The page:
Number four. Focus on business people and auditors cooperating daily. I think that goes very much in line with number three.

    Number five. Focus on building projects around motivated people. And this really focuses on empowering the audit team to make decisions to take that accountability on more and more. Again, in line with being flexible in scope and objectives and making sure we’re communicating effectively.

    Number six. Face to face conversation is best. To me, this is going in really just general communication skills, and I co-authored a book on communication skills for internal auditors a few years back. We’re working on a follow up right now. The focus of that is making sure that we’re communicating effectively in person. The important information, or potentially difficult issues, or the project’s off the rails a little bit. There are certain subjects, topical matter, that need to be communicated or are communicated much better face to face rather than e-mail, which is viewed as a faster way of communicating than in-person. But I would tend to argue the other side of that very easily.

    Number seven. Progress measured by transparent milestones. Going back to project management, if I’ve built a project plan, I have milestones throughout. Not just for my client but for my team. We’re going to have very transparent milestones throughout this project, and lots of checkpoints. We want to make sure the client is very well informed of everything we’re doing and why we’re doing it. We want to get them bought into what we’re doing as quick as possible. If they buy into what we’re doing, they’re going to buy into the results. We’re not going to have those arguments that we usually have at the end of audits on: “Is this a finding, is this not or more importantly, what’s the rating of this finding?”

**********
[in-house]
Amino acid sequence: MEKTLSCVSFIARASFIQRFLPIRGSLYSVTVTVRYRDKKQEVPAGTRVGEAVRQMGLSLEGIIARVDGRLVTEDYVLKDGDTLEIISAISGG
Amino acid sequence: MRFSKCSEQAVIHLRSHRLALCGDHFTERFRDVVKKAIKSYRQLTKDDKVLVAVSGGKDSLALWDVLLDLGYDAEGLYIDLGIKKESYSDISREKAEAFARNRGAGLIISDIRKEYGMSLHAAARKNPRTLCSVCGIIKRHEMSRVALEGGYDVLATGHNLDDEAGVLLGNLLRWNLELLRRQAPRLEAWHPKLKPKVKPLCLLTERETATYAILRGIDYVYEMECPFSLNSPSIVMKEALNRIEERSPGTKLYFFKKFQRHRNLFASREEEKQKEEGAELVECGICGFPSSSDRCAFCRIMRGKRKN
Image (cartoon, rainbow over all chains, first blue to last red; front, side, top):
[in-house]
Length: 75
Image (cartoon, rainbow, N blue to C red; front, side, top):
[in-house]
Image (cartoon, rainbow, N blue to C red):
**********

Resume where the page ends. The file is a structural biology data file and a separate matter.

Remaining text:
Number eight. Sustainable development pace, meaning, this is a realistic budget. A lot of times I believe management has their eyes on making sure that certain audits are done each quarter, and we tend to shortchange the audit at times potentially. And this is making sure that the timelines, the deadlines, the hours are realistic to make sure that we’re employing our people in an efficient and effective manner.

    Number nine. Continuous attention to quality. Just because we’re trying to move quicker and more agile doesn’t mean the quality level is going to change. With our industry, I think there are many repetitive levels of review and most of my clients are looking at, “How do we cut that down without losing the quality?” And I think there are opportunities for improvement without losing that quality.

    Number ten. Simplicity; keeping the big picture in mind at all times. We talk about this in our senior and our manager courses frequently…does the project manager see the forest for the trees? Do we keep the big picture in mind? Do we realize or do we understand that if we do X can we continue to do Y? What do these findings really mean? Does it mean anything? We talked about a lot in class, if I have this finding and the client doesn’t care. And nor should they care. Why am I testing in the first place? I have auditors tell me all the time that they go to the client with an issue. But if the issue doesn’t matter to them, nor should it, why do we even bother testing it? If we’re truly running a risk-based audit, that shouldn’t happen.